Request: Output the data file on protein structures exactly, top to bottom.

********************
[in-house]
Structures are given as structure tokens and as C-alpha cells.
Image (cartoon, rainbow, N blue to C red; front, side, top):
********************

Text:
[in-house]
Structures are given as structure tokens and as C-alpha cells.
Image (cartoon, rainbow, N blue to C red; front, side, top):